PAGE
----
“Going forward, as matters in Argentina are improving, my team informs me that we will be able to begin to revert to more relaxed protocol procedures. Some of the workers will be able to commute from nearby towns so that we will not need to provide them with camps. With smaller camps, costs should be lower. We are now getting geared up to resume this program at Ivana North and to test Ivana Central and two other nearby targets to arrive at a total of 4,500 meters of drilling as you know. In addition to this, we just announced a 3,500 drill program to expand and infill our flagship Ivana deposit.”

He also mentioned to me that the recently announced issuance of shares for drilling was already included in the C$1.9M exploration expenditures. As a reminder, the company made the announcement in September 29, 2021 as it entered into an agreement with arm’s length driller AGV Falcon Drilling to pay for their services by issuing 1.67M shares worth C$344k, or C$0.2063 per share, to preserve cash and the option to leverage a rising share price. This share issuance is part of a deal worth C$590k in three tranches, for the total drill program of 4,500m at the Ivana Central and Norte projects.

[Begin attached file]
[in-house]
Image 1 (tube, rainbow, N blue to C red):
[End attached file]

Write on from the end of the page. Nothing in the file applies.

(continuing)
As the company announced the start of a second phase testwork program in April of this year, targeting further process design tests for the Ivana deposit, I was curious about the status of this program. As a reminder, based on 2018 testwork, the overall process plant recovery was 85% for uranium (derived from 89% leach feed preparation recovery and 95% subsequent alkaline leach circuit recovery); and 53% for vanadium (derived from 89% leach feed preparation recovery and 60% subsequent alkaline leach circuit recovery). Since management is aiming at improving these already very good results, I was curious if they are succeeding at this. CEO Cacos had this to say about it: “We have just shipped a bulk sample to the Saskatchewan Research Council where Chuck Edwards, a world-renown metallurgist and processing engineer, is carrying out advanced studies to improve recovery and cost for extracting uranium and vanadium. We will keep you posted as the studies progress.”